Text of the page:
Two and a half years of sustained political attacks on US journalism have left university programmes determined to push back with a commitment to accuracy and modern storytelling, but less clear on whether wholesale changes in their philosophy are needed.
Increasingly, academic and journalism experts said, student education in journalism schools emphasises broader subject knowledge, especially skills involving computers and digital investigative work, along with entrepreneurial flexibility.
But when it comes to figuring out how to approach a public that seems less interested in facts and more receptive to rhetorical assaults, journalism schools do not appear ready or inclined to begin overhauling their models.
Some leaders, such as Peter Bhatia, president of the Accrediting Council on Education in Journalism and Mass Communications, the main body for certifying US journalism schools, saw an industry and its educational partners still assessing the harsher climate.
“That’s a work in progress,” said Mr Bhatia, editor of the Detroit Free Press.
Others, such as Charles Whitaker, professor and dean of journalism at Northwestern University, are adamant that any problems with journalism brought to light by the 2016 presidential election are not the responsibility of the schools to fix.
The election of Donald Trump certainly did expose professional failures, Professor Whitaker said, including a flawed idea that “objectivity” meant giving equal weight to opposing sides regardless of factual content. And, more specifically, he said, journalists were guilty in 2016 of taking at face value what US voters and polling data were telling them.
“We should do a better job of picking apart the arguments and laying out more information for the public to make informed choices,” Professor Whitaker said. “And I don’t think we’ve done a very good job of that.”
But those are failures of practising journalists, not of the universities training young reporters, he said. “You’re not going to lay this at the feet of journalism schools,” Professor Whitaker said.
The head of another leading US journalism school, Steve Coll of Columbia University, said that in an era in which the US president labels reporters “enemies of the people”, and domestic assignments can become as violent as overseas postings, journalism schools need to teach students to bring “an attitude of confident professionalism”, without arrogance, as they carry out a constitutional function.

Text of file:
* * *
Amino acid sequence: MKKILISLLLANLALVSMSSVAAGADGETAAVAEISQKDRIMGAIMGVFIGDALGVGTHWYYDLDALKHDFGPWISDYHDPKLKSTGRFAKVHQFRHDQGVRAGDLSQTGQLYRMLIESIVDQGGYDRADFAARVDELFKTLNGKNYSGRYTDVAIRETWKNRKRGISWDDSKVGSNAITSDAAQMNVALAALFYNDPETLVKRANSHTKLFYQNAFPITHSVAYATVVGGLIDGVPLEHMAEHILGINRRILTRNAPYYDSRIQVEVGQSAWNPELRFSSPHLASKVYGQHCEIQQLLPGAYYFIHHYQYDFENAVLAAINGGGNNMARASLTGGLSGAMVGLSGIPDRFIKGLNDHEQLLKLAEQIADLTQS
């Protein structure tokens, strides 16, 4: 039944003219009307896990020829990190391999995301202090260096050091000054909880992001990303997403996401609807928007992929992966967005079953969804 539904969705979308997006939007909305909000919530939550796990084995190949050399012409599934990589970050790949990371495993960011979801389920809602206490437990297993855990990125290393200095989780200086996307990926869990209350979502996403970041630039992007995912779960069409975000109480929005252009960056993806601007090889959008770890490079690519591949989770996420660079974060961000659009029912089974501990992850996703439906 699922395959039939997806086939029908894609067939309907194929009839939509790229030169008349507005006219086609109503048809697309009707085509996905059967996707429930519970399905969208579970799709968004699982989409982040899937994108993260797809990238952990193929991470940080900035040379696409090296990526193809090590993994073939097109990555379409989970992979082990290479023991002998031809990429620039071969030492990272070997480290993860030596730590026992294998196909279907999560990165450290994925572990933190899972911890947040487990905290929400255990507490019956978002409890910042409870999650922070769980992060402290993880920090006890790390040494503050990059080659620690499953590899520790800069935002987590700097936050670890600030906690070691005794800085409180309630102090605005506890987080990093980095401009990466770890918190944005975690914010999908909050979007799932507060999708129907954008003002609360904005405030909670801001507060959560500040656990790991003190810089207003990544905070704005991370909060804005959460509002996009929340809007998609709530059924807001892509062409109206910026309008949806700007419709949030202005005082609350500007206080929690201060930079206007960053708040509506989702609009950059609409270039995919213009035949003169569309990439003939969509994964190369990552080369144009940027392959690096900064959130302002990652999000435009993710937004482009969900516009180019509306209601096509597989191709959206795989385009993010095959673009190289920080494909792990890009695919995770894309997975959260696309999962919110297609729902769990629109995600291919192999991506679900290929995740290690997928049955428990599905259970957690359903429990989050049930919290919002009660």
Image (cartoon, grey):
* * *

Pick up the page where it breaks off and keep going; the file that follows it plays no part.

“I think we’re up to the challenge,” said Professor Coll, dean of journalism at Columbia.
Journalism education was being confronted with the specific problems of the Trump era after already having struggled with other manifestations of the digital revolution, Professor Coll said. Schools teaching journalism went through a period of “drift”, he said, reacting to technological change by focusing too much on skills of short-term value and quickly outdated platforms.
“There was a sense of chasing a shiny object around the digital revolution,” Professor Coll said. “I don’t feel like that’s going on any more.”
The internet also left students struggling to define their roles, he said. Just a few years ago, “it wasn’t unusual to encounter young students who were a little bit uncertain or even confused about what journalism was any more,” he said. “There was a sense that, ‘Well, aren’t we all journalists?’”
Budding journalists and their educators might still be hunting the optimal mix of journalism-specific training and outside subject expertise, Professor Coll acknowledged. Columbia’s journalism programme operates only at the postgraduate level, and that might be the better approach overall, he said, as students arrived with a different major and often some on-the-job experience.
One of the most popular routes into journalism, Professor Coll said, involves students with technological backgrounds who discover not long into their careers that they want to work “more in the public square”. Such students are invaluable, he said, because unlike journalists of the past, who might have chosen their profession to avoid mathematics, the ability to analyse data was key to uncovering how leaders in society exercise their power.
More challenging, for now, was finding academic staff who can synthesise those skills. “It’s hard, I’ve learned, to try to add to a faculty these kinds of abilities, because they’re a little bit untraditional; they don’t always fit well in a legacy system,” Professor Coll said.
Journalism schools also needed to help students develop entrepreneurial approaches to practising their trade, Mr Bhatia said.
At Columbia, one statistician and computer coding expert on the faculty offered no-credit breakfast sessions at 7am on Mondays to teach such skills, Mr Coll said. He regularly attracted some 80 students – about a third of the journalism programme’s entire enrolment.
“There’s a real understanding that this is valuable, it’s necessary, it will give you an advantage.”
Print headline: US journalism schools seek stronger story for Trump era
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